1. Simple carbohydrates are digested and absorbed more easily causing quicker energy utilization. This is why you may feel a “spike” in energy after eating something high in sugar, but then feel a “crash” later. This is also why diabetics are encouraged to eat low-glycemic load foods (foods that will breakdown at slower rates), which cause less of an increase in blood glucose. If you’re an athlete this may be very helpful for you to consider with your training.
  2. Our bodies can’t utilize complex carbohydrates in their consumed state, they need to be broken down to glucose (Thompson & Manore, 2015). These foods also contain fiber, which impacts how satiety controlling hormones are released (Chambers, McCrickerd, & Yeomans, 2015). This is why these foods keep us fuller, longer even though protein has the highest satiety effect out of all three macronutrients.

Understanding the difference between simple and complex carbohydrates can be helpful for a  couple of reasons:

  1. You can create a meal plan that combines simple and complex carbohydrates with other foods to not only provide energy in the immediate time, but help you stay feeling full longer. That’s why oats and peanut butter may “stick” with you for a longer time than just oats on their own. Being satisfied for a longer period of time can decrease mindless snacking, can assist you in staying in  caloric deficit if you are seeking fat loss and can help you get through a busy schedule that doesn’t allow many opportunities to eat.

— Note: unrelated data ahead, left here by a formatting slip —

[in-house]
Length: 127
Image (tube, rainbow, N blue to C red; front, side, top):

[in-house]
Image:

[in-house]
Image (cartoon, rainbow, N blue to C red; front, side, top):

2. You can create a meal plan that prevents or lessens “energy crashes”. Like stated above, complex carbohydrates take a longer time to breakdown a, which means glucose enters the blood slower so feeling tired or fatigued are less likely or are less impactful.

Now we know carbohydrates are:

  • the first source of energy for us
  • they can be simple or complex
  • they breakdown at different rates, which can influence our blood sugar levels and energy
  • they can be found in both fruits and veggies as well as breads, rice and pasta
  • they can be a variable consideration depending on the individuals goals and body

Some questions you can ask yourself as you’re build your own plan that I challenge clients to ask:

  • Does this make me feel energized?
  • Do I crash quickly in the day?
  • Do I feel bloated?
  • Do I feel satisfied and full with the combinations and amount of carbohydrates I consume?
  • Do I get enough fiber to promote regular digestion?

In the next post, we’ll talk about how carbohydrates provide us energy, lifestyle considerations that may be helpful to figure out your needs and more specific places to find them.


Anderson, J. W., Baird, P., Davis, R. H., Ferreri, S., Knudtson, M., Koraym, A., . . . Williams, C. L. (2009). Health Benefits of dietary Fiber. Nutrition Reviews, 188-205.

Chambers, L., McCrickerd, K., & Yeomans, M. R. (2015). Optimising Foods for Satiety. Trends in Food Science and Technology, 149-160.

Institute of Medicine. (2005). Dietary Reference Intakes for Energy, Carbohydrate, Fiber, Fat, Fatty Acids, Cholesterol, Protein and Amino Acids. Washington, D.C.: The National Academies Press.

National Institute of Diabetes and Digestive and Kidney Diseases. (2017, December). Your Digestie Syste & How it Works. Retrieved from National Institute of Diabetes and Digestive and Kidney Diseases: https://www.niddk.nih.gov/health-information/digestive-diseases/digestive-system-how-it-works

Reece, J. B., Taylor, M. R., Simon, E. J., Dickey, J. L., & Hogan, K. (2015). Campbell Biology: Concepts and Connections. New York: Pearson Education.

Thompson, J., & Manore, M. (2015). Nutrition: An Applied Approach. San Francisco: Pearson Education.